How to spend Thanksgiving when you can’t go back home

Sharon Pan/Staff

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With Thanksgiving break right around the corner, UC Berkeley students are gearing up to head back home and spend the holiday with their families. But many of us are unable to return back home, whether it be because we live in another state, another country, the plane ticket was too expensive or our relationship with our family is not the best. Whatever the reason may be, if you find yourself in the Berkeley area this Thanksgiving break, here are a few suggestions for how to make the most of your time!

Have a Friendsgiving

Fear not — if you can’t celebrate with your loved ones back home, you can always celebrate with those around you! Your friends are like your second family; the pseudo-biological ties keep you sane and grounded through the whirlwind of your college career. If most of your friends won’t be in town for the actual day of Thanksgiving, simply begin the festivities a little earlier! Organize a potluck-style dinner where everyone is in charge of bringing their own unique, favorite dish to your cozy, humble abode. Ensure you have all the essentials — like mac and cheese, turkey, sweet potato casserole and pumpkin pie — covered. String up some fairy lights, decorate your shabby kitchen table with a festive tablecloth and a few candles and uncork the drinks to get the party started! Savor the moment with your friends and make some time for everyone to go around in a circle and express their gratitude and appreciation for each other. 

Volunteer

Few things make your heart feel as warm and fuzzy as when you’re giving back to the community. One of the best ways to get in the Thanksgiving spirit is by volunteering your time toward cooking dinner at the local soup kitchen. Many families in the Bay Area are struggling with food security, making the holidays a stressful and difficult time. Show some love and bring some cheer by getting into the kitchen to whip up a delicious and hearty meal for those who need it the most! The East Bay Food Not Bombs volunteer organization will be open for cooking and sharing meals on Thanksgiving, so get your apron and chef’s hat on and head over to St. John’s Presbyterian Church (2727 College Ave) to get started at 10:30 a.m.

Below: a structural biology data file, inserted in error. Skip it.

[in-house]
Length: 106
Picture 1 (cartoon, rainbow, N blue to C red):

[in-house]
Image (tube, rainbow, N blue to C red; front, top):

Take yourself out on a date 

Sometimes the person you need to show the most appreciation toward is yourself. After all, this semester you’ve been hard at work studying for exams, writing papers and leading people through your extracurricular activities all while trying to maintain a social life. It’s no surprise you may feel burnt out! During the break, why not use your downtime to finally slow down and spend some quality time with your own presence? If you still need convincing of how therapeutic and healing spending quality time alone can be, check out this piece previously published by the Clog on why you should take yourself on a solo date. Plan an activity that your heart gravitates toward. This may be packing a charcuterie board and picnicking at Mission Dolores, visiting an art museum in the city, having a movie marathon with freshly baked cookies and hot chocolate in tow or treating yourself to dinner at a Michelin star restaurant. Whatever you decide to do, make it an act of self-love — you deserve it!

Have Thanksgiving dinner over Zoom

If you’re one of the lucky ones who has a great relationship with your family, but can’t go back home due to logistical reasons, don’t hesitate to rely on the crutch of technology! I know, I know, the pandemic has probably soured the word “Zoom” in your mouth, but at this point we’re all used to relying on virtual platforms to connect with others in classes, clubs or work-related matters. Embrace modernity and enjoy a synchronous virtual Thanksgiving feast with your loved ones back home. Plus, there are definitely perks to having a Zoom Thanksgiving. For starters, you can save money on decorating by simply choosing one of Zoom’s festive virtual backgrounds to set the scene free of charge. You can also cook together without jostling around and bumping into each other in the same kitchen. And if you’re the host of the meeting, you also have the power to mute family members when they start getting too nosy about your love life or bickering about politics.

Thanksgiving break should be a time for connection and gratefulness, whether it be toward yourself or others. Luckily, you can get in the Thanksgiving spirit without having to hop in a car or on a plane! We at the Clog hope these ideas will help make the holiday a little brighter.

Contact Madeleine Lorie at [email protected].